Cugetare despre "succes" sau pentru ce atâta stress și sacrificiu?
>Ever since I joined the team of a worldwide company active in IT-telecommunication, my work related universe has completely changed. Nowadays I don’t talk about communication campaigns, online tools, branding, PR, Google Analytics or CRM. My work jargon has been completely replaced by a brand-new series of concepts. Of course, I still talk about project management, communication, planning, action plans, milestones, budgets and follow-up, but all from a different perspective.As I am still a new acquisition or a new hire, I am still able to see the differences between my colleagues that have been baptized with the corporate culture and who can’t see that there can be other ways of defining and approaching things or simply expressing himself.Below I will present some items of my new jargon (that personally I found it funny). “PTO”: Mark told to me that he was supposed to be on PTO this week. What on earth is PTO? You’ll laugh. It is just – Personal Time Off. I wonder what happened to “leave” or “holiday”. I suppose it’s more fancy to say PTO, like a some type of special activity that only some people are allowed to do. The worst part is that people don’t even realize that in a normal English, you wouldn’t actually use – personal time off. “Site visits”: Having an online communication background, “site” for me means “website”. And site visits means nothing else than “website visits” – the number […]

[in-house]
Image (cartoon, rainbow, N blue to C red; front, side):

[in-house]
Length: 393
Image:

> As many others, I started some time ago the race for another job. The recession didn’t make it easy especially at the beginning. Brussels, although capital of Europe and home of many European headquarters, remains a small city (e.g. Bucharest is twice as bigger and has twice as more inhabitants) where jobs are scarce and the competition is cruel. From my job-searching experience the common setbacks for an expatriate in finding a new employment are: You don’t speak Dutch. Ouch! If you don’t speak Dutch than you’re chances to find an employment in the private sector in Brussels are already diminished by 50%. All the multinational companies present on the Belgian market will demand you to speak Dutch. So, even if you find the perfect job description, even you have all the skills, competences and knowledge job-wised, if they also ask Dutch, don’t even bother to apply. You’re wasting your time. Between a candidate with less experience and less skills but with some Dutch and another candidate with an extensive profile and no Dutch, the company will choose the one who is able to speak Dutch. Not fair, but true. You don’t have enough experience. According to an HR Professional from Secretary Plus, the current job market is flooded by extremely qualified communications profiles in demand for a job. These people, with 5-7 year experience, speaking several languages, had lost their jobs and are ready to take any other […]